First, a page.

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minimum (6.17 days). These variations in vase life among the genotypes might be the result of increased accumulation of carbohydrates since, these cultivars could produce more number of leaves and higher chlorophyll content, which might have led to increased photosynthesis and increased carbohydrates. Variation in vase life could also be attributed to fact that, the variation in ability to produce ethylene and sensitivity to it among the different genotypes. Similar variations for vase life were also observed previously in Carnation by [13] and [7]. Significant differences were observed among different Carnation genotypes with respect to flowering parameters (Table 1). The cultivar Soto was first to show its visible flower bud by taking 95.16 days after planting followed by Golem whereas, Big mama (135.34 days) and Big Net (130.01 days) were very late to initiate variable buds. Similarly Soto was the earliest to reach peak flowering (143.30 days). Other cultivars like Dona (152.12 days), Golem (153.12 days) and Liber (156.08 days) were moderately early whereas, cultivars Big Mama (191.71 days) and Big Net (187.36 days) initially exhibited slow growth and reached their peak flowering late in the season this resulted in late flowering. These variations might be attributed to genetical make up and physiological difference among the genotypes as reported by [4] & [7]. Vegetative growth is measured in a better way in terms of plant height, number of shoots, number of leaves per plant, total dry matter accumulation etc (Table 1). These factors are significantly important as they play a key role in deciding the ultimate crop yield. Cultivars Soto, Big Mama, Harish, Dona and White Dona were vigorous in their growth whereas, Big Net and Golem were medium whereas, cultivar Liber was dwarf, recording minimum plant height (Table-1). Genetical make-up of the genotype, growing environmental conditions, production technology and cultural practices followed might have resulted in such variations with respect to plant height among the genotypes. This was in accordance with the reports of [7]. Number of shoots production is greatly influenced by apical dominance. It was registered maximum (6.80) Cv. Soto followed by White Dona (6.07), Big Mama (5.87), Dona (5.73) and Harish (5.60) which exhibited lesser apical dominance as compared to Cv. Big Net (4.60). Leaves are the prime important functional units for photosynthesis, which greatly influence the growth and flower yield of any crop. Significantly maximum number of leaves per plant (149.73) was recorded in cultivar Soto throughout the growing period followed by Dona (110.00), White Dona (105.20) and Harish (104.00) however, minimum was recorded in Big Net (79.07).The production of more number of leaves per plant in these genotypes was due to increased plant height, number of nodes and branches per plant. Similar results were obtained by [7]. Physiological parameters like leaf area, and total dry matter (TDM) production varied significantly within the genotypes. Genotype Soto has recorded maximum (2279.88 cm2) leaf area per plant whereas, it was least in Golem (903.91 cm2). Similarly, Soto has recorded maximum (89.12 g/plant) TDM followed by White Dona, Harish and Dona whereas, it was registered minimum in cultivar Big Net. These variations might be due to increased number of leaves, shoots and plant spread which in turn helped in maintaining higher leaf area which ultimately might have increased the dry matter production per plant in such superior genotypes. The results are in agreement with the findings of [11] in Carnation. Variability in the population is a prerequisite especially for characters where improvement is required. Success of plant breeding programmes largely depend on the amount of genetic variability present in a given crop species for the character under improvement. Phenotypic and genotypic correlation coefficients were computed between character pairs for all the twenty three parameters studied i.e., flower yield v/s ten vegetative, eight qualitative and four flowering traits of eight carnation genotypes are presented in Table 2, 3 and 4, respectively. A positive correlation between desirable characters is favourable to the plant breeder because it helps in simultaneous improvement of both the characters. Correlation coefficient analysis measures the mutual relationship between various plant characters and determines the component characters on which the selection is based for genetic improvement for a particular character [14]. Generally genotypic correlation coefficient were high in magnitude than the corresponding phenotypic correlation coefficients for all the attributes under study, indicating a strong inherent association between various characters and was masked by environmental component with regard to phenotypic expression as reported by [9]. In many cases genotypic and phenotypic correlations were very close indicating less environmental influence. The genotypic correlation of flower yield per meter square exhibited positive and highly significant correlation with number of branches, nodes per stalk and nodes per plant, stem girth, number of leaves, leaf area, total dry matter and duration of flowering and significant association with plant spread, girth of flower and flower length at genotypic level. Whereas, at phenotypic level nodes per plant and duration of flowering exhibited positive and highly significant association with yield and significant association with plant spread, number of branches, nodes per stalk, stem girth, number of leaves and vase life at phenotypic level. Similar results were also observed by [10] in roses for flower diameter and by [19] for vase life in Chrysanthemum. Hence, selection on the basis of these characters may not be effective as they are controlled by non-additive gene action. With respect to qualitative parameters length of flowers stalk exhibited positive and highly significant correlation with flower diameter number of petals and flower length and significant association with flower bud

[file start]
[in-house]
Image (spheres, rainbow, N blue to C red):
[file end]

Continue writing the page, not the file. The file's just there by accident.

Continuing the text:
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diameter and flower weight at genotypic level. However, had positive and highly significant association with flower diameter and number of petals and showed significant correlation with flower length and weight at phenotypic level. Girth of flower stalk had positive and significant association with flower length, vase life and yield at genotypic level whereas, significant association was observed with vase life at phenotypic level. Flower bud diameter exhibited positive and highly significant correlation with flower weight and significant with flower diameter, number of petals and flower length at genotypic level whereas, significant association was observed with flower weight at phenotypic level. Diameter of flower had positive and highly significant association with number of petals, flower length and flower weight at genotypic level, and the same character showed significant correlation with above parameter at phenotypic level. Number of petals per flower exhibited positive and highly significant association with flower length and flower weight at genotypic level. Whereas, had positive and significant association with flower length and flower weight at phenotypic level. Flower length showed positive and highly significant association with flower weight and significant with yield at genotypic level while, significant association found with flower weight at phenotypic level. None of the characters showed significant association with flower weight at both genotypic and phenotypic level. Vase life exhibited positive and significant correlation with yield at phenotypic level. These results are in line with the findings of [16] in dahlia. Days to flower bud emergence exhibited positive and highly significant association with days to flower opening and days to peak flowering at genotypic and phenotypic level, respectively. Days to flower opening had positive and highly significant association with days to peak flowering at both genotypic and phenotypic level respectively. Duration of flowering showed positive and highly significant association with yield both at genotypic and phenotypic level respectively. None of the characters showed significant association with days taken for peak flowering at both genotypic and phenotypic level. These results are consonance with [1] in gerbera. Vegetative parameters like plant height exhibited positive and highly significant association with plant spread, nodes per stalk and per plant, number of leaves, leaf area and total dry matter, however, exhibit significant association with number of branches and internodal length at genotypic level. Whereas, plant spread showed positive and highly significant association with number of branches, nodes per plant, number of leaves, leaf area, total dry matter and significant association with stem girth, internodal length and yield at genotypic level. In case of number of branches exhibited positive and highly significant association with nodes per plant, internodal length, number of leaves, leaf area, total dry matter and yield whereas, significantly associated with stem girth. Similar heritability estimates were reported by [3] in Chrysanthemum. Nodes per stalk exhibited positive and highly significant correlation with nodes per plant, number of leaves, leaf area, total dry matter and yield while correlated significantly with stem girth at genotypic level. Nodes per plant exhibited positive and highly significant correlation with number of leaves, leaf area, total dry matter and yield at both genotypic and phenotypic level and significant correlation with stem girth at genotypic level. Stem girth showed positive and highly significant association with leaf yield and significantly correlated with leaf area and total dry matter at genotypic level. Internodal length exhibited positive and significant correlation with number of leaves, leaf area and total dry matter. Number of leaves showed positive and highly significant association with leaf area, total dry matter and yield at genotypic level. Leaf area exhibited positive and highly significant association with yield at genotypic level. However, total dry matter showed highly significant relationship with yield at genotypic level. The results are supported by [11] in Carnation. This reveals that indirect selection of any one of these characters shall lead to concomitant increase in cut flower yield. Flower yield per square meter exhibited positive and highly significant correlation for most of the characters both at phenotypic and genotypic levels. It has got interdependent relationship with the vegetative parameters like number of branches, nodes per stalk and per plant, stem girth, number of leaves, leaf area, total dry matter production which might have resulted in the production of flower quality parameters like flower length, flower girth thereby bud and flower diameter and number of petals per flower and number of flowers per plant due to maximum duration of flowering. Due to all these positive and significant inter relationship the flower yield per square meter was increased. It clearly indicated that, all the above characters were interrelated and interdependent for enhancing the cut flower yield of carnation as it was evidenced by highly positive and significant correlation observed at phenotypic and genotypic levels (Table 2, 3 and 4). The results were corroborated with the findings of [2] in Marigold. IV. Conclusion Based on present findings, it can be concluded that cultivars viz., Soto, White Dona and Dona have emerged as promising genotypes with respect to growth, earliness in flowering, flower yield and quality parameters during the entire period of its growth. Correlation studies revealed that, flower yield has got inter-dependent relationship with the vegetative parameters like, number of branches, nodes per stalk and nodes per plant, stem girth, number of leaves, leaf area and total dry matter production which might have resulted in the production of flower quality parameters like flower length, flower girth thereby bud and flower diameter and number of petals